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Sewing Sails?

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  • David Ryan
    FBBB -- My wife is researching sewing machines in the hope of finding something inexpensive but serviceable for home projects (think Trading Spaces ) Right
    Message 1 of 14 , Sep 29, 2002
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      FBBB --

      My wife is researching sewing machines in the hope of finding
      something inexpensive but serviceable for home projects (think
      "Trading Spaces")

      Right now she's looking at the Brother LS1217, available at Walmart
      for $99.99. Does anyone on here know if this sort of machine would be
      suitable for finishing the edges on cut down sails?

      YIBB,

      David
      --

      C.E.P.
      415 W.46th Street
      New York, New York 10036
      http://www.crumblingempire.com
      Mobile (646) 325-8325
      Office (212) 247-0296
    • pvanderwaart
      ... My experience with sewing is quite limited. I had no trouble sewing polytarp sails on a home machine once an knowledgeable person gave me the right thread.
      Message 2 of 14 , Sep 29, 2002
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        > Right now she's looking at the Brother LS1217, available at Walmart
        > for $99.99.

        My experience with sewing is quite limited. I had no trouble sewing
        polytarp sails on a home machine once an knowledgeable person gave me
        the right thread. The only problem was that I was sewing through
        carpet tape and the adhesive gummed things up a little.

        The problem with sails is that sometimes, a very big piece of cloth
        has to go between the needle and the (whatever y'call it) upright
        portion of the machine. Usually the sail is rolled, but that causes
        problems too with the patches losing alignment. I think there is an
        interesting FAQ on the Sailrite site.

        For sails, you want a ziz-zag feature. I might also check out if it
        has any advice or special attachments for upholstery. Curtains are
        more common that sails, I imagine, at least at Walmart.

        Peter
      • proaconstrictor
        You can do some prodigious sewing on a simple machine. Follow the basic sailrite instructions. There is some thread lubrication advice that made all the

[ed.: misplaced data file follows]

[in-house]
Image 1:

Message 3 of 14 , Sep 29, 2002
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          You can do some prodigious sewing on a simple machine. Follow the
          basic sailrite instructions. There is some thread lubrication advice
          that made all the difference, when using a small domestic machine.
          You do strain the motor a little, so get something like a Sears with
          a good waranty. Idealy find a mcahine that fits an aftermarket hand
          crank. It is easier to crank your way through large material
          buildups at reefing points and so forth, rather than trying to get
          the motor to surge through them.



          ee--- In bolger@y..., David Ryan <david@c...> wrote:
          > FBBB --
          >
          > My wife is researching sewing machines in the hope of finding
          > something inexpensive but serviceable for home projects (think
          > "Trading Spaces")
          >
          > Right now she's looking at the Brother LS1217, available at Walmart
          > for $99.99. Does anyone on here know if this sort of machine would
          be
          > suitable for finishing the edges on cut down sails?
          >
          > YIBB,
          >
          > David
          > --
          >
          > C.E.P.
          > 415 W.46th Street
          > New York, New York 10036
          > http://www.crumblingempire.com
          > Mobile (646) 325-8325
          > Office (212) 247-0296
        • Chance Curtis
          Have her check out old treddle sewing machines. Amish here still use them . I use mine to sew leather, and parts are still available. They run $50 -$100 at
          Message 4 of 14 , Sep 30, 2002
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            Have her check out old treddle sewing machines. Amish here still use them . I use mine to sew leather, and parts are still available. They run $50 -$100 at auctions around here.
            CCG